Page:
Opioid use disorder: buprenorphine subcutaneous depot yields high retention rate

  • Frost M & al.
  • Addiction
  • 23.04.2019

  • von Kelli Whitlock Burton
  • Clinical Essentials
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Takeaway

  • Weekly or monthly extended release subcutaneous (SQ) buprenorphine depot (CAM2038) was effective at treating opioid use disorder (OUD), with a more than 70% 48-week retention rate, mostly mild to moderate treatment-related adverse events (AEs), and a safety profile similar to that of sublingual buprenorphine (SL BPN).

Why this matters

  • Although daily SL BPN is effective at treating moderate or severe OUD, there are reportedly high rates of nonadherence, diversion and misuse of medication, and accidental pediatric exposure.

Study design

  • Multicenter, phase 3, 48-week study.
  • 227 adult participants with OUD received CAM2038 weekly (8, 16, 24, or 32 mg) or monthly (64, 96, 128, or 160 mg) with flexible dosing and individualized titration.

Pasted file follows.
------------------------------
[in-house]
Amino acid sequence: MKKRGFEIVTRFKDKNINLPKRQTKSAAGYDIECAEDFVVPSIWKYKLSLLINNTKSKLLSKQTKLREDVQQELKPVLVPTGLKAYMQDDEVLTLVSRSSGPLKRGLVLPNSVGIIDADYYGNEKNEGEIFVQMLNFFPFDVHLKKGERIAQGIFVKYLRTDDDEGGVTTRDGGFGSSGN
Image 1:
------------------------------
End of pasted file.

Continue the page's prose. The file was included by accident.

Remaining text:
• Funding: Braeburn Inc.

Key results

  • 63.0% of participants experienced ≥1 treatment-emergent AEs (TEAEs), of which 56.4% had mild to moderate TEAEs.
    • Most common were pain, swelling, or erythema at the injection site; nasopharyngitis; headache; nausea; urinary tract infection; and vomiting.  
  • TEAE-related discontinuation rate was 2.2%.
  • 26.4% of participants had drug-related toxicities.
  • 82.8% of participants completed 24 weeks and 73.6% completed 48 weeks of treatment.
  • At the end of treatment, 82.8% participants converted from SL BPN and 63.0% new-to-treatment participants had negative urine samples for illicit opioids.

Limitations

  • Open-label, observational design.

Coauthored with Antara Ghosh, PhD